Cloud City Cars – Magic Guard
CC BY NC SA (Derivs allowed)
Lifelike Family

Lovely, simple-tone synth constructions with a jaunty off-rhythms and a light, friendly (do I want to say “kid-friendly”?) feel, but from that starting point, they reliably mutate into weird, less predictable forms.

Coppice – Whiting Belt
License not listed (No derivs)
No Type / Panospria

Experimental music from Coppice is always worth paying attention to. In this case the music was made with “custom handheld samplers, multi-material filter, transmitters, pump organ, tape processes, and plastic bladder with valve.” The first track is near silence, with the occasional flicker of quick, granulated, maybe-speech sounds. The second track is maximal in comparison, with warbling tape drones, rhythmic tapping and wavering hiss filtered through undersized microphones. That base layer is given to occasional eruptions of lo-fidelity noise crunches. The third piece retreats to small, quiet, highly distressed clicking and hissing sounds.

Daniel Barbiero / Ken Moore – Frequency Drift
Pan y Rosas Discos

Works for double bass and tam tams (a gong that appears to be about 20-25 inches in the cover photo). The long, deep resonances seem expressive without being overt about what exactly is being expressed.

Dante Mars Ajeto ! – Celebrating Digital Artifacts
Copyright (No derivs)
Bedlam Tapes

This has honestly been one of my favorite album releases across genres all year. Technicolor glitch-pop electronica formed from shards of pop-music samples. Huge, grooving, epic earworm-food. I reckon Dante Mars Ajeto ! has earned his exclamation point.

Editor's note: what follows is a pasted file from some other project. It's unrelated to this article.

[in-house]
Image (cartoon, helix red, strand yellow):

Dave Seidel – Hexany Permutations
CC BY NC SA (Derivs allowed)

A long, stately procession of microtonal note clusters. Enter the bliss zone.

David Vélez – Fortore
CC BY NC ND (No derivs)
Plus Timbre

A captivating field recording-based release featuring a night chorus of crickets and bugs, a burbling stream and other activity. Electric and weird, full of motion and stillness.

Deiphix – Millenia

Deiphix – Ultra Suite
Both Copyright (No derivs)

Blossoming synth sequences, circulating, synthetic, choral laments and ultra-chilled minimal-tek-house. Deiphix constistently creates unique atmospheres of smooth technoid space. Ultra-Suite is the more beat-oriented of the two releases, and overall, it’s my favorite thing I’ve heard from this composer. Millenia is a suite of thematically connected synth compositions.

Dirch Blewn – Capacity and Resistance
CC BY NC ND (No derivs)
Linear Obsessional

One long piece that I presume (given the cover art and title) was done on a modular synth system. Several long sections divide up the 55 minutes, all featuring a variety of slowly swelling drones, clicks, buzzes and pops. Very calm electronic proto-ambient.

Duelling Ants – Reverse Seaworld
Copyright (No derivs)

I was really into their 2015 release ‘Fauna.’ This one doesn’t quite hit the heights that that release did for me, but this pretty, low-key, laid-back instrumental music is still very nice. “Nice” is definitely the mood – and I can’t complain about that at all. Not many things about this year have been nice.


  1. Thanks C. Reider 😉

    Posted by nosteps | December 12, 2016 4:28 am
  2. Thanks for the interesting selections – I’d heard none of them before and have so far found two I’m really into!

    End of year lists serve a purpose after all. 🙂

    Posted by michael | December 16, 2016 2:58 pm
  3. […] you to Vuzh Music‘s C. Reider for having included Frequency Drift on the year-end list of notable netlabel releases. And for the astute comment on the music. Reider’s own music is always stimulating and […]

    TrackBack by frequency drift as notable netlabel release | daniel barbiero | December 23, 2016 5:40 am